A Federal High Court in Botswana has overturned a decades-long ruling on same sex marriage to make the country join the likes of South Africa, Angola, Mozambique and Cape Verde in recognizing gay people as deserving of love and respect.
The laws of Botswana have been hostile to people of same sex relations since the end of the colonial era. According to section 164 of the country’s penal code, homosexuality is a crime punishable by between two and seven years in prison.
Justice Michael Lebutu announced the ruling on Tuesday. He said that discrimination has no place in Botswana
His statement reads ”A democratic society is one that embraces tolerance, diversity, and open-mindedness. Therefore, Continuing to criminalize sexuality and gender identity holds societies back from reaching their full potential.”
He added that “Societal inclusion is central to ending poverty and fostering shared prosperity.”
The ruling comes after Letsweletse Motshidiemang, a 21-year old homosexual at the university of Botswana challenged the law by bringing the case to court in march.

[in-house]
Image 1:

“I am in a sexually intimate relationship with a man. I have no doubt that this will be the case for the rest of my life. My friends, roommates at the University of Botswana have accepted me, even at the University of Botswana I feel free and accepted,” he said at the time.
“By virtue of one or more of these provisions of the law, I am prohibited from expressing the greatest emotion of love through the act of enjoying sexual intercourse with another consenting adult male that I am sexually attracted to and who is also sexually attracted to me, as consenting adults,” he said.
The LGBT community in the Southern African nation reacted to the court ruling with cheers and jubilation.
Anna Mmolai-Chalmers, coordinator of the LGBTQ rights group Legabibo said, “This judgement can make a massive change for our lives. This is what excites me the most. The judgement means so much. The court has upheld our dignity, our privacy, and our liberty … It means freedom.”
Meanwhile, dozens have been arrested in a Uganda gay-friendly bar in the centre of the capital, Kampala.
Authorities say narcotics were seized during the Sunday night operation. Members of Uganda’s LGBT community patronise at the bar which hosts a popular party on Sunday.
Uganda remains one of the many African countries whose laws considers homosexuality and same sex marriage a serious offense.
Though the Ugandan government recently denied that it plans to introduce new legislation targeting the LGBT community. Several members of parliament have said they will table a bill making homosexuality punishable by death.